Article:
- R. I. P. Dutch poet and writer Gerrit Komrij, first Poet Laureate of the Netherlands, died last week aged 68. Obituaries here and here (both in Dutch).
- Awards! The 2012 Frank O’Connor International Short Story Award went to Nathan Englander for his collection What We Talk About When We Talk About Anne Frank. (Which reminds me, he’ll be in Amsterdam in September! And in The Hague, too!) A bunch of CWA Daggers (for crime writing) were handed out as well: the Historical Dagger went to Aly Monroe for Icelight, the International Dagger to Andrea Camilleri (see below) for The Potter’s Field, and the Non-Fiction Dagger to Anthony Summers and Robbyn Swan for The Eleventh Day. Click here for more Dagger news and shortlists for the final 3 Daggers of the year.
- Collecting books, well and good. But collecting boring books? If this strikes your fancy, you should definitely consider Boring Postcards and Boring Postcards USA. The most appreciated birthday gifts I ever gave my brother-in-law.
- Interview! The Guardian has a lengthy interview with Andrea Camilleri, author of the Inspector Montalban mysteries.
- Sad news for Gabriel García Márquez fans: Mr. Marquez’s brother announced that he is suffering from senile dementia and can no longer write.
- The “Age Certificate for Children’s Books” debate has flared up again in the UK. I personally like and agree with Charlie Higson’s comment: “There’s a wild difference among kids in reading ages, tastes, interests, blood-thirstiness.” What do you think?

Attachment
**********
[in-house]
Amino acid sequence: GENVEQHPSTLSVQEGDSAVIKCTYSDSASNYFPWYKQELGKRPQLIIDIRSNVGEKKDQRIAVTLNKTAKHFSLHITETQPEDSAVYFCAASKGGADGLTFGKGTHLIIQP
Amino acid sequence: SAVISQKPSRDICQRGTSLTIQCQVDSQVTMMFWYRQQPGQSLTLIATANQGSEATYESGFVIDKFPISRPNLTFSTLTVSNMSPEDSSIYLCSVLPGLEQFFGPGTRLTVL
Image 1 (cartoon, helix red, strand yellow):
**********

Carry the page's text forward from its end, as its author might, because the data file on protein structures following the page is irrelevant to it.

- Margaret Atwood extolls the virtues of the internet for aspiring writers (and pimps a promising-looking website for sharing literary content). I especially think her reminder of what times were like when she was starting out helps her case.
- In the build-up to the US Presidential Elections this fall, the Huffington Post has started a Citizen’s Book Club. “The goal: present to you, between now and Election Day, single-sitting passages from the classic texts of American democracy. Substantial enough to spark ideas and prod debate; short enough to read on a coffee break.” First up is Alexis de Tocqueville’s Democracy in America.
- Lists! We shared our Summer Reading intentions with you, and of course there are oodles of other Summer Reading lists out there, too. For more reading inspiration, see what the NY Times, Publishers Weekly, Oprah, Huffington Post, and NPR recommend, to name a few.
Tags: age certificate debate, awards, boring book collectors, Children's Books, citizen's book club, dutch authors, interview, lists, Mysteries & Thrillers, r.i.p, short stories, summer reading, why the internet is good for writers